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CFXPostuser June 19, 2006 03:31

How to calculate inlet swirl number in Post?
Hi.... I read some papers comparing effects of inlet swirl on a diffuser. They used inlet swirl number in the graphs.

Can anyone here please tell me how to construct a formula using the function given in CFX Post 10 to calculate the inlet swirl number?

Thank you very much for your help.

Joe June 19, 2006 07:13

Re: How to calculate inlet swirl number in Post?
Exactly what analytical formula are the papers using for swirl number?

Michael Bo Hansen June 19, 2006 07:20

Re: How to calculate inlet swirl number in Post?
Here's how I do it on the "out" plane. - Michael Bo

Ram June 19, 2006 09:08

Re: How to calculate inlet swirl number in Post?
Hi Mr.Michael Bo Hansen,

I have to calculate swirling flow in a reactor. First i used k-e model and it converged well. As it is not accurate for swirling flows i tried to calculate with SSG turbulence model. I am getting convergence problems. I tried with very fine mesh, initial guess & interploation of k-e model solution, and different physical time scales, auto time scale etc but in vain.

I used same conditions as for K-e model. Do I need to specify any additional conditions for SSG model to get convergence?

Thank you.

Michael Bo Hansen June 19, 2006 09:21

Re: How to calculate inlet swirl number in Post?
The SSG model will give you a better prediction of the swirl as you said, and thereby also a more complex flow, which can be harder to convergence.

Try reducing the Advection Scheme from Second Order to Specified Blend Factor = 0.7 in the Solver Control. Of Course it is a compromise.

CFXPostUser June 21, 2006 05:02

Thank you
Thank you so much, Michael. That's exactly what I'm looking for.

Joe June 26, 2006 02:09

Re: How to calculate inlet swirl number in Post? *NM*

Joe June 26, 2006 02:11

Re: How to calculate inlet swirl number in Post?
Ups, sorry.

That it is not converging may be an indicator, that your flow is instationary. The k-eps-modell is very diffusive and can give an unphysical stabilisation for that reason.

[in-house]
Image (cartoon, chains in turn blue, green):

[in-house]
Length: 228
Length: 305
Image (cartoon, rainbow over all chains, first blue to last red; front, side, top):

Ianto April 29, 2009 13:50

Dear All,
Thanks for the excellent definition Michael!

Could anyone please clarify further for me? My non-comprehension is re. tangential velocity definition, whether or not we can have negative tangential velocity thus swirl number and, if we can have the scenario where two counter-rotating vortices give swirl number of zero?

I'd like to use swirl number to quantify the flow at an annular outlet in order to select the best design (least swirl).

Instead of the flow pattern shown in Michaels image, all rotating around a single central axis, the annulus is filled with a ring of small vortices each rotating around it's own axis.

My first thought was to use SQRT(U^2+V^2) for tangential velocity. Obviously this removes negative tangential velocity. This would make sense to me, as it sidesteps the problem of counter rotating vortices (or even opposite side of the same vortice) cancelling each other out in terms of swirl number. However I read this:

........ which states negative tangential velocity does occur. Thus my Pythagoras based tangential velocity definition is wrong, the prospect of vortices cancelling each other out is possible and I'm confused.

I'd be VERY grateful for some clarification!

Thanks in anticipation,


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